from the eParks store, proceeds go straight to the
National Parks system. It's an easy way to support
our national parks, and you get something in return!
Visit the eParks website to see the variety of
Up The Creek RV Camp - A New Favorite In Pigeon
Forge, Tennessee -
Up The Creek RV Camp is located
off Wears Valley Road just minutes from the bustling
Pigeon Forge strip. The "RV camp" is convenient to all
the tourist attractions, yet the setting is extremely
quiet and peaceful. You might notice they don't all it a
campground, and they don't call it an RV park either.
It's called an "RV camp." That term is very fitting.
Up The Creek RV Camp is bordered by two creeks: Waldens
Creek to the north, and Cove Creek to the south. Both
creeks flow very nicely providing a constant relaxing
ambiance. This was most assuredly a Native American camp
at some time in the past. The conditions are just
perfect. We chose the RV sites to the south because
there is nothing but a large grassy field on the
opposite side of the creek. Honestly though, there is
really not a bad site in the park.
With regards to amenities,
other than those at your RV site, there are none. There
is no bath house, no laundry, no game room, no pavilion,
no hay rides, no organized "children's activities, and
no playground. To some, the lack of these features is an
issue. For us (other than the laundry) we think this
part of the park's appeal. For instance, while there are
certainly kids in the park, the place isn't swarming
with them. Also, the lack of activities and amenities
forces families to enjoy the creeks and open play areas
more. At any rate, this is Pigeon Forge, so If you get
bored, simply hop in the car and within minutes you can
be doing about anything your heart desires.
Over the years, we have stayed at about half a dozen RV
parks and campgrounds in this area. Up The Creek RV Camp
is now our favorite. We can't wait to come back in
warmer weather so we can search the creeks for fossils,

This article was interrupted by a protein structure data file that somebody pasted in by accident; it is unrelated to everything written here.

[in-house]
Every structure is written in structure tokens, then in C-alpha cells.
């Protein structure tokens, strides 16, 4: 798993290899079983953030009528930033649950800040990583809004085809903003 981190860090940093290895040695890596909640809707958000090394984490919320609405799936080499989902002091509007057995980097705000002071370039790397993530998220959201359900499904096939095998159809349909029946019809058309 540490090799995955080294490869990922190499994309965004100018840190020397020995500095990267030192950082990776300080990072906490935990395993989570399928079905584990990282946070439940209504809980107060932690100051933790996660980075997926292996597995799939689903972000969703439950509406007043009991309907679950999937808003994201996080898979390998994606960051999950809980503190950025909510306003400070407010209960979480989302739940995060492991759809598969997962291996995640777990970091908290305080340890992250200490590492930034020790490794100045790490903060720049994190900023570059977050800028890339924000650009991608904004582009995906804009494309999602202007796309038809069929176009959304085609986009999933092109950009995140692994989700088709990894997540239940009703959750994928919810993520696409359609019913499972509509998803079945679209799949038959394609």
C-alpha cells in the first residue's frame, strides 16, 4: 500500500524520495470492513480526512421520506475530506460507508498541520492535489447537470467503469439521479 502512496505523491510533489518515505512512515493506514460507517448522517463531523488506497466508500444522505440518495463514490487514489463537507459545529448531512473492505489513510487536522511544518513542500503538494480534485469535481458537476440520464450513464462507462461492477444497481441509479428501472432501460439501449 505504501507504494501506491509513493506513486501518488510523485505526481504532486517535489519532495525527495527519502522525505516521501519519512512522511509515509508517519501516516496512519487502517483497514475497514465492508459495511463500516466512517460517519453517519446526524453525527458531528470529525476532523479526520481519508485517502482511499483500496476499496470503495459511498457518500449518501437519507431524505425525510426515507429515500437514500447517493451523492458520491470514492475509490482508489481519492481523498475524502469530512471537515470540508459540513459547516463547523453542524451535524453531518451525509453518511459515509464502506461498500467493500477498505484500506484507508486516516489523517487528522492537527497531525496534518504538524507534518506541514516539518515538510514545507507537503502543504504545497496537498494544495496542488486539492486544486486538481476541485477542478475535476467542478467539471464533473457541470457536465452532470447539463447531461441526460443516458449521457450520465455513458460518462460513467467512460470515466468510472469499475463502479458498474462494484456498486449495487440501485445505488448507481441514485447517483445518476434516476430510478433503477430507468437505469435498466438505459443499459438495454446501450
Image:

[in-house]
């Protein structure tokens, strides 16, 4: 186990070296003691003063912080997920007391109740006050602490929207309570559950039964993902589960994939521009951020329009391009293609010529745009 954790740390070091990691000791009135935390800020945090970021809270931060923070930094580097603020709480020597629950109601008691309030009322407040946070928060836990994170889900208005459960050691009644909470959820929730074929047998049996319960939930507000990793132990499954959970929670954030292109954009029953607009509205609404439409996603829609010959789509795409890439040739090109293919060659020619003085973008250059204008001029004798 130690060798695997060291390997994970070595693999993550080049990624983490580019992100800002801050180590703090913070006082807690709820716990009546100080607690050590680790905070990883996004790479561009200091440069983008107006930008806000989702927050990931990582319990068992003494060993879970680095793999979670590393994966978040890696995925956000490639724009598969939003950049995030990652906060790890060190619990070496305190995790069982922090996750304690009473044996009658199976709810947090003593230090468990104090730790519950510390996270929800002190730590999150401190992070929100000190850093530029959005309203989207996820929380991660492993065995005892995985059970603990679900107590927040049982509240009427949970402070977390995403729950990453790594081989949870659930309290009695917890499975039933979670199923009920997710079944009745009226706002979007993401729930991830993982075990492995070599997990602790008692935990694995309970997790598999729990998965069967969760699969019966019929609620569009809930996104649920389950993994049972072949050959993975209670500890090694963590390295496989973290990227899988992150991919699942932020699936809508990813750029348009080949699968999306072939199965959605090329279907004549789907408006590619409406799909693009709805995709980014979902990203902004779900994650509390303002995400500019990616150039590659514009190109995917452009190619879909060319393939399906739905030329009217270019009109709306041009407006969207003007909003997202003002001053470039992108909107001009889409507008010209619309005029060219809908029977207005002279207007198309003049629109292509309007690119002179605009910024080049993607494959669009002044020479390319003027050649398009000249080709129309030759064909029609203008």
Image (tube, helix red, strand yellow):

artifacts, and gemstones.
A rustic old camp is the theme...
...but the luxury RV sites tell
more pictures, details, and a recent "Adventure
Journal" entry, visit our dedicated
Up The Creek RV Camp page.
A Dollywood Christmas - Pigeon Forge, Tennessee
If you follow the Richardson Tribe, you know we love
the great outdoors, nature, and camping. An
amusement park might seem a bit out of place in our
list of favorite destinations, but...
According to the kids, they're favorite place to
visit during the Christmas holiday is
Dollywood. It's understandable. Dollywood has tons of Christmas decorations,
shows, and music. Add to that dozens of amusement rides and games, crisp cool
Smoky Mountain air, and a real steam locomotive, and the environment is perfect
for unlimited holiday fun.
The park's general theme, besides the affiliation with Dolly Parton,
country charm. It's not a put-on. Folks that work here are typically real
southerners, and in some cases, related to Dolly herself. There are numerous
shops that sell the work of local artisans including leather goods, musical
instruments, and candles. There is also a blacksmith demonstrating his
Regarding amusement rides, there is a surprising variety from
spinning tea cups to monster roller coasters. Most of the fast rides have
cameras stationed at the most scary parts to capture your worst, most terrified
expressions. Here we are riding the Mystery Mine, and Heath's expression
is that of absolute terror. The funny thing is, after the ride was over, the
first words out of his mouth were "let's do it again!"
There are many impressive things about Dollywood, but the park's
cleanliness and staff's professionalism are perhaps the most obvious. Everyone
seems to have a job to do, and they do it with a smile.
Dollywood is located in a very popular area on the Tennessee side of
the Smoky Mountains National Park. Pigeon Forge and nearby Gatlinburg are known
for their musical and comedy shows, go carts, helicopter rides, museums,